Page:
How many passwords do you use online and at home? Would it number in the hundreds? Less? More? How about one?

Passwords frustrate the general population with the varying requirements; including the length, special characters in some cases but not in others, numbers, upper and lower-case letters. The new additional option is to use multi-factor authentication where you can have applications send you a message to another device (e.g., via your mobile number), email address, or through another application or key fob altogether – otherwise known as soft and hard tokens respectively. For the protection of our customers, the Bank of Utah utilizes multi-factor authentication for online banking login and additionally for certain transactions.

Due to the complexity of passwords and the sheer volume of them, general insecure workarounds have been adopted. For example, there may be passwords written down in a notebook or sticky note, they may be put in a document on the computer, they may be made to be easy to remember passwords that are also simple for others to guess – to include: using common dictionary words, family/pet names, family significant dates or other numbers. Worst of all we may use the same password for multiple applications, otherwise known as password reuse.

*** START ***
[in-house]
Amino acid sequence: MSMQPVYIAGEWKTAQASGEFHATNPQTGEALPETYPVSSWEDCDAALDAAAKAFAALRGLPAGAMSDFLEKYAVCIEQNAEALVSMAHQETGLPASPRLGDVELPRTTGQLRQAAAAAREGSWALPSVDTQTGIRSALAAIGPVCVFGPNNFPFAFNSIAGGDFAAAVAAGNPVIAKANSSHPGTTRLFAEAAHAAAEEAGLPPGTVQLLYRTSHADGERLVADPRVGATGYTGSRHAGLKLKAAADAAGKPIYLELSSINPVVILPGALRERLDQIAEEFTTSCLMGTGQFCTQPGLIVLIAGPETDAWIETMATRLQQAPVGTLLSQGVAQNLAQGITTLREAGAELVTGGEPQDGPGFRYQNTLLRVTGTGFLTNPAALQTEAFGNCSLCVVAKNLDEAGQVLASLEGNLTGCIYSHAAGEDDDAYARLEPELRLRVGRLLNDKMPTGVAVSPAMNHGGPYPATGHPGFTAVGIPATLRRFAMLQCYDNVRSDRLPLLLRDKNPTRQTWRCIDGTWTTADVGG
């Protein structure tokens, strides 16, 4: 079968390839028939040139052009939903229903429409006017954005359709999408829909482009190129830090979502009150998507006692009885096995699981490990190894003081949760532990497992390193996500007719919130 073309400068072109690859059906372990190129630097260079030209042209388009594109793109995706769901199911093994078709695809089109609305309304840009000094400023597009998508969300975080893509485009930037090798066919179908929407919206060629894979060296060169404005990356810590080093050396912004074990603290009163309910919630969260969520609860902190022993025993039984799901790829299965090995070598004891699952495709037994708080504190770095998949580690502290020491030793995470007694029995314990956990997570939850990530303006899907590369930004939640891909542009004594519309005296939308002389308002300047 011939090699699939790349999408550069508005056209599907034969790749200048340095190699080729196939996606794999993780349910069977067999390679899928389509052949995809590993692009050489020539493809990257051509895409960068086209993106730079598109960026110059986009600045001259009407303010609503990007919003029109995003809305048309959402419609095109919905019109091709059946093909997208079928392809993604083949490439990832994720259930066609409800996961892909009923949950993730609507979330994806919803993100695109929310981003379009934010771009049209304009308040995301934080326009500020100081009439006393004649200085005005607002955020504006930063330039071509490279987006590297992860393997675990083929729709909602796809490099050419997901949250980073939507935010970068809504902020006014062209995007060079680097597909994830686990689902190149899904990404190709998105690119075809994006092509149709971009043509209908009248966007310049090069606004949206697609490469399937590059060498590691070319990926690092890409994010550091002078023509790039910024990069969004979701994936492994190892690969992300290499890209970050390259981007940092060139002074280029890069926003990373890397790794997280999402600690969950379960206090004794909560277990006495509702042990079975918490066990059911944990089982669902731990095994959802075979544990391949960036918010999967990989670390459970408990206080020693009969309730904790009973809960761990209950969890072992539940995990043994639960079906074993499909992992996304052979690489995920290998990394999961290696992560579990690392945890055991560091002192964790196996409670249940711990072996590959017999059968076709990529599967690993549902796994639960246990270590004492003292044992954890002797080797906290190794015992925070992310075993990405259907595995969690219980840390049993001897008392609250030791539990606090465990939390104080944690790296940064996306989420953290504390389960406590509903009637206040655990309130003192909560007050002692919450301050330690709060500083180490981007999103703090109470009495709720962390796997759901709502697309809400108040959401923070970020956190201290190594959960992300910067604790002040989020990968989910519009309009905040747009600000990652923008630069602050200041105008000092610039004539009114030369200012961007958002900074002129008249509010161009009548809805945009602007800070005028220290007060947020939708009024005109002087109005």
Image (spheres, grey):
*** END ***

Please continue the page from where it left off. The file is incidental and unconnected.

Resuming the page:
Why is using the same password across applications the worst of the workarounds? Even though they all have relatively high risk, a few relative risks are:

  • Written passwords may be compromised by physical theft, which depending on the security of the stored location is less likely to be stolen.
  • Compromising passwords on a computer depend on the computer being accessed either by physical theft, loss, or by being hacked. You can make this harder by encrypting the hard-drive, and by implementing an access password for the computer and for the document.
  • Easy to guess passwords still need to be cracked. If the attempts to enter the password are limited by an account lockout procedure, then this risk is minimized.